Littleton-based Carboy Winery officially announced this week that it will be taking over the former home of Govnr’s Park Tavern, and owner Eric Hyatt confirmed for Denverite that he’ll also be opening a breakfast restaurant inside the old Lala’s Wine Bar + Pizzeria.
The breakfast restaurant will be called Ivy on 7th and has a target opening date of April 3. The team hopes to open Carboy Winery and an accompanying restaurant and retail shop this summer.
Denver chef Rebecca Weitzman — back from more than a decade in New York — is returning to head up the breakfast kitchen as well as the Carboy kitchen.
“Rebecca really does like working with vegetables and focuses on healthful eating and preparation, so a lot of that is going to be going into her menu,” Hyatt said. “But it’s also going to satisfy someone like myself who — I don’t really care about eating healthy when I eat breakfast, I just want something good.”
Nearly everything will be made from scratch, much of it locally sourced. They’ll be smoking local fish in-house, making sausage and bacon from local pork in-house. Baked goods will all be made from scratch in-house.
At first, the menu will be pretty standard breakfast fare — bagels, scones, bread and the like. Eventually they’ll ramp up to full breakfast service with an emphasis on weekend brunch. Ivy on 7th will be divided into a full-service restaurant and a coffee shop-like area seating 30-40 people, where customers can order from the counter and hang out. Jason Snopkoski, former bar manager at Avanti, is in charge of the beverage program.
“They’re going for a Montréal café kind of vibe as far as the menu goes,” Hyatt said.
Over at the Carboy kitchen, the plan is for a variety of Mediterranean food.
Carboy first opened in 2016 and has since expanded to Breckenridge. They’ll continue to produce wine at the Littleton location (6885 S. Santa Fe Drive) as they add some production at the Capitol Hill location (672 Logan St.). Kevin Webber, director of operations for Carboy, said he’s long had the goal of setting up shop in Denver. They’ll bring the Carboy wine club to the new location, and use the large space to host private events.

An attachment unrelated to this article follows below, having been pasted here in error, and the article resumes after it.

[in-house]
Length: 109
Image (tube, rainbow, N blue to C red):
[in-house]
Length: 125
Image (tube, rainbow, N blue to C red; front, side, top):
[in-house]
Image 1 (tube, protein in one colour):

The patios will stay, but Govnr’s Park’s beloved 90-year-old palm tree had to go, to protect it from construction. Hyatt put the tree on Craigslist, free to a good home. He ended up finding a taker in restaurateur Kevin Delk, who’d been looking for a tree for his Caribbean-flavored Capitol Hill spot Bang Up to the Elephant, 9news reported.
Hyatt first brought his plans to the Capitol Hill United Neighbors at a December meeting Angelo’s Taverna, which Hyatt also owns, to garner support. At the time, neither project was a certainty.
Hyatt told CHUN members then that he’s committed to preserving the character of Govnr’s Park, just as he did when Carboy opened its second location in the former Gold Pan Saloon on Breckenridge’s Main Street.
“We understand the heritage of Govnr’s Park and what that means to us, living in this neighborhood, and what that means to all of you living in this area,” he said. “We’re going to try to pay homage to that in the best way we can.”
He also acknowledged the ways in which Mike Plancarte and John Ott, former owners of Govnr’s Park and Lala’s, were supportive of the neighborhood and CHUN.
“We are prepared to take that baton and run with it as well,” he said.
Planarte and Ott announced the closure of their neighboring Capitol Hill restaurants, as well as neighboring 16th Street Mall institutions Marlowe’s and Paramount Café, in September.